Facing financial hardship head-on
In the second of a two-part series on managing finances, Lynne Pearce highlights the support available to nursing students with seemingly unmanageable debt
In the second of a two-part series on managing finances, Lynne Pearce highlights the support available to nursing students with seemingly unmanageable debt.
Debt solutions are wide and variable, ranging from cutting interest costs and budgeting to obtaining free, independent and expert help.
The Money Advice Service (MAS) suggests dividing any debts into priority and non-priority and earmarking funds to pay the former first.
Priority debts are those that carry the most serious consequences if they remain unpaid, such as losing your home or being made bankrupt. These could be debts related to a mortgage or rent, income tax, national insurance, council tax, gas and electricity bills, child maintenance or court fines.
Seek expert help
Although non-priority debts may lead to a creditor eventually taking you to court or instructing bailiffs, the consequences are less serious. These include credit or store card debts, payday loans, overdrafts, bank or building society loans not secured on property, and personal loans.
MAS also advises not struggling alone with debt worries, but seeking free, expert help to make the right decisions for your circumstances. According to MAS, nearly half of those in debt have said they weren’t sure about the best way to pay off what they owed, while more than four out of five who received debt advice said they felt less stressed and more in control of their lives again.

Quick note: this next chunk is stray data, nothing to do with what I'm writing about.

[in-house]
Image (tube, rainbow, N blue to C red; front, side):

For RCN members, the welfare rights and guidance service provides advice on debt, benefits, housing problems and other issues. For example, you can check you’re receiving all the benefits and tax credits available to you, identify ways of increasing your income and reducing your expenditure, and help you negotiate with your creditors.
For those in hardship, the RCN Foundation’s Lamplight Support Service may be able to provide financial grants and support. Ways the service can help include providing a rental payment where there is a shortfall in housing benefit entitlement, a respite break after a period of illness or caring for a relative, payment of a utility bill during a period of reduced income, and short-term funding of childcare costs to help you remain in work if a relationship breaks down.
Organisations that offer free, expert help to manage your debts include StepChange Debt Charity. This operates across the UK and provides extra support for vulnerable people, including those affected by mental health problems.
Others include the Debt Advice Foundation, the Debt Support Trust, National Debtline and the Debt Counsellors. There may also be a local debt help agency in your area, but check it is not for profit or a charity, or they may charge.
Where to go for help:
Lynne Pearce is a freelance journalist